Park’s supine diplomacy

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Park’s supine diplomacy

President Park Geun-hye is set to visit Uzbekistan, Kazakhstan and Turkmenistan for five days from April 16 to 21. The three Central Asian nations are crucial cooperation partners for the “Eurasian Initiative” that President Park proposed last October. Her trip will hopefully reactivate the president’s successful summit diplomacy, which was interrupted by the tragic Sewol ferry sinking in April.

Given the gravity of the ramifications from the Sewol disaster, some may raise questions about the timing of her visit. But the president’s summit diplomacy itself can hardly be criticized. The problem is whether Korean diplomacy is in full gear for an opaque future.

Since the ferry disaster, Korea’s diplomacy nearly shuddered to a halt. Diplomatic efforts to curb North Korea’s ever-expanding nuclear ambitions have stopped. It is not too much to say that our government is only passively waiting for a fourth nuclear test and another long-range missile test by the North. The government is not making any efforts to avert another provocation or resume the stalled nuclear talks. By merely reiterating, “The ball is now in the North’s court,” the government is passively praying that the North changes its course. Inter-Korean relations are no exception. Despite Pyongyang’s denigration of President Park’s “Reunification as a jackpot” comment and her Dresden Declaration as an attempt to one day absorb the regime, the government does not do anything.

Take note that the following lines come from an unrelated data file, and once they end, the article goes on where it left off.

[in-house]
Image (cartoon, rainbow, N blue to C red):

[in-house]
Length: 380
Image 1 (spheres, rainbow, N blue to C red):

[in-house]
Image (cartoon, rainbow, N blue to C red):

The government has also given up on its diplomacy over the tricky issues of the comfort women and Japan’s bad attitude toward its past misdeeds. In the meantime, Tokyo accelerates cooperation with Pyongyang to settle its abductees issue. Japan’s determination to continue dialogue with North Korea portends a perilous schism in the united front among Seoul, Washington and Tokyo. Regardless of repeated remarks from Washington hinting at the possibility of South Korea joining a U.S.-led missile defense system, the government’s official position is still indecipherable.

The president’s security and diplomacy team is not established yet, as seen in the alarming vacancy at the top of the National Intelligence Service. It is futile to expect creative and flexible diplomacy under such circumstances. It is not only the economy that must get back to business. We urge the president to focus on diplomacy.

JoongAng Ilbo, June 10, Page 34
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